24 hours: Three Great Meals

New York 

My friend Nancy blew into town yesterday, raving about the food she ate in Israel.  In her words, "every meal was jump up and down delicious." I've never heard her so excited. 

It seemed like the perfect time for a trip to Bar Bolonat.

I was captured with the first bite: fried olives with labneh.  Utterly irresistible.  Crisp, salty, smooth, rich - all in a single bite.  Why have I never had these before?


I loved the fluke ceviche too, a tangle of flavors that went swirling through my mouth.  The fish was smooth and plump, the green strawberries added an acid note, the pistachios a frizz of nuttiness.  


Eggplant: how did they coax such sweetness out of the vegetable?  Each little length of eggplant was a soft, sweet pillow.

These ravioli are filled with eggplant in an entirely different mood: smokey and mysterious, it's the yang to the other's yin. These two dishes confirm that eggplant truly is the chameleon of the vegetable world.

But my favorite dish was this Yemenite shrimp curry, perfumed with coconut and accompanied by a sexy little round of malawah, the seductive Yemeni bread.


Bar Bolonat is dark, casual and clamorous.  Lunch the next day could not have offered a greater contrast. To me  Jean Georges is the loveliest place to lunch in New York, a calm airy light-filled oasis that is just loud enough to feel lively while allowing you the luxury of quiet conversation.  I can't think of anywhere I'd rather be. Especially when lunch starts with this caviar confection.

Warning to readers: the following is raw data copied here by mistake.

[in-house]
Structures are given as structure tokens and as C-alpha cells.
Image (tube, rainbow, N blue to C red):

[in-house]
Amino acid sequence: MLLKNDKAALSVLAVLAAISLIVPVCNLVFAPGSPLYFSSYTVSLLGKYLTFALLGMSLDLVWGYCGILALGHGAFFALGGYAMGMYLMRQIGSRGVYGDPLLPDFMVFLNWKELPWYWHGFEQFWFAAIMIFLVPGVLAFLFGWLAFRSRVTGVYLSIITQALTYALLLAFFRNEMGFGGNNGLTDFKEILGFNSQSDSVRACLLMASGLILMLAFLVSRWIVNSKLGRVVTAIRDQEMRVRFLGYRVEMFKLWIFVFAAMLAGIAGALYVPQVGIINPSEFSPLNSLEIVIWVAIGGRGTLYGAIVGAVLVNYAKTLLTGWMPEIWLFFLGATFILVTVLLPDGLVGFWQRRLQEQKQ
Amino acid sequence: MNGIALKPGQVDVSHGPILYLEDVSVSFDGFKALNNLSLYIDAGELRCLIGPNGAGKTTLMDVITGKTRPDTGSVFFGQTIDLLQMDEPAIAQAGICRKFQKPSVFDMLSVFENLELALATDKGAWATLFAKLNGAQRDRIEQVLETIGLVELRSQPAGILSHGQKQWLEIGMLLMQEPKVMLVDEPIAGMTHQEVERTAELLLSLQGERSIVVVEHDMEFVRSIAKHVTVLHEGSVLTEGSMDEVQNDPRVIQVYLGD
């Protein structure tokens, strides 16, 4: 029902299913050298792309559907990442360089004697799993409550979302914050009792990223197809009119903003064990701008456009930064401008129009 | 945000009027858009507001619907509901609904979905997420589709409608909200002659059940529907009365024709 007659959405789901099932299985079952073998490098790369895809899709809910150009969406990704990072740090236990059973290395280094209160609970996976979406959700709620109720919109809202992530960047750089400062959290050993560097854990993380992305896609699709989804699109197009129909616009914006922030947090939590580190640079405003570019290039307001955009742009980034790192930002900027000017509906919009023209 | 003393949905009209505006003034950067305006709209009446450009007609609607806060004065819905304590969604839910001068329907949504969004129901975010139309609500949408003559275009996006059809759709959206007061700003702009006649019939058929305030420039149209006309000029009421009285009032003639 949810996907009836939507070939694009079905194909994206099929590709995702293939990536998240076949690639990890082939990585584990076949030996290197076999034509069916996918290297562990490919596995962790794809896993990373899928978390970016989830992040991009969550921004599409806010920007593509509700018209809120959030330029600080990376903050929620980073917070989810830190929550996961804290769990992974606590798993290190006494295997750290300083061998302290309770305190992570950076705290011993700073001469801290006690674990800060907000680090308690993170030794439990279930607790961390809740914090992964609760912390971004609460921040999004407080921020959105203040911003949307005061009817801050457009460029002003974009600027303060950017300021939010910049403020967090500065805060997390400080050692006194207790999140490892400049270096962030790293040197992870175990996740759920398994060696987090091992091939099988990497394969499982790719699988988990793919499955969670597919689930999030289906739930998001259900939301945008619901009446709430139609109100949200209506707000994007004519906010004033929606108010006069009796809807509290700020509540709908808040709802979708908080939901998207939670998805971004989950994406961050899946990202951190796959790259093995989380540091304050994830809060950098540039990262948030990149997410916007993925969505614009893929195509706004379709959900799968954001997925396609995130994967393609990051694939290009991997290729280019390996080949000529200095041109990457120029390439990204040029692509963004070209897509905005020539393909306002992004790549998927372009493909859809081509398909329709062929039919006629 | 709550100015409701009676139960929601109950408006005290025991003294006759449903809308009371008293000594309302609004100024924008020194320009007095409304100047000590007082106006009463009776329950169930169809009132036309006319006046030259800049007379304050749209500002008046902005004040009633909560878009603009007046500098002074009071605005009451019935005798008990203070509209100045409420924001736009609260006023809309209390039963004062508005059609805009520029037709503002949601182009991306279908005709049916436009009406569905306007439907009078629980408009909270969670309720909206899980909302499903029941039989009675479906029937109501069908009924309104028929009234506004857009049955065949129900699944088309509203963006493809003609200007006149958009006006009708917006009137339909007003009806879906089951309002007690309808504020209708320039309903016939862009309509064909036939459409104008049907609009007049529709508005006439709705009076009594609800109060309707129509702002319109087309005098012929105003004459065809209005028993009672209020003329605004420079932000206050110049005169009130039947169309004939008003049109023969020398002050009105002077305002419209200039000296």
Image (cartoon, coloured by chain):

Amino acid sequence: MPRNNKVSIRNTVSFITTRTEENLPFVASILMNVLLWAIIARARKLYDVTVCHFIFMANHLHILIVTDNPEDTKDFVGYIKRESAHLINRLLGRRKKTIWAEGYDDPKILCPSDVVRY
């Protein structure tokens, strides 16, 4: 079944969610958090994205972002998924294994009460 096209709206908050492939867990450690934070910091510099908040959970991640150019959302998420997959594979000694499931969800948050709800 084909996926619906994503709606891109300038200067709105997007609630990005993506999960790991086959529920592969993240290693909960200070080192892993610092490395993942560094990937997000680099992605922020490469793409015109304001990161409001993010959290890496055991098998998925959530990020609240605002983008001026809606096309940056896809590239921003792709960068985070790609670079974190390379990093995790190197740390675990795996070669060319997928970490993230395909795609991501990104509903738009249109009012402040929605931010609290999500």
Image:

Potatoes. Tapioca. Chives.  And mounds of caviar.  Pure, irresistible luxury.

We also had one of my favorite dishes, which has been on the restaurant's menu since day one. Take a bite and you understand why. Caramelized cauliflower.  Scallop. Caper-raisin emulsion.  Heaven.


The meal stretched on, each dish an essay on the power of great cuisine when you're in a restaurant run by a talented chef at the top of his game. At $48 for a prix fixe lunch that ends with tiny macaroons, a plate of chocolates and hand-made marshmallows, it's hard to think of a more effective way to feel happy, pampered, special.  


But of everything I ate in this twenty-four hour odyssey of eating, this dish was my favorite.


And it's at my favorite new restaurant. Upland is the perfect New York place of the moment. Urban. Lively. Relaxed. Casual. And the food is fantastic. The razor clams were topped with new green almonds (served as I've never had them before, sliced horizontally, fuzzy shell and all), green onions and lemon. In my opinion the long lithe clams have never tasted so delicious.

We also had this impressive construction of burrata, cured tuna and blood oranges.  The ingredients played beautifully together, creating wonderful harmonies in the mouth.


Then there was this mushroom, which was like nothing I've had  before. This ziggurat of  hen of the woods mushrooms resembled a sculpture more than a food.  It had been crisped, then plonked onto a bed of cloumage, a simple, creamy curd of a cheese. I found myself dreamily pulling off one little section after another, mesmerized by the texture.


These quail, with their cool bits of onion and green strawberries were also a joy to pick up and eat with your fingers.  A fine end to a truly impressive meal.


Three restaurants. Three moods.  Three different ways to enjoy spring in the city. 

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I completely forgot about the Jean Georges lunch. It's totally back on the list. Thanks for the reminder!

I love these reviews. Nobody writes about food as compellingly as you do.

About this journal
Where am I eating? What's for dinner tonight? And what books have I been reading? For a look at what's going on in my life lately, take a look at this journal, which I try to update on a regular basis.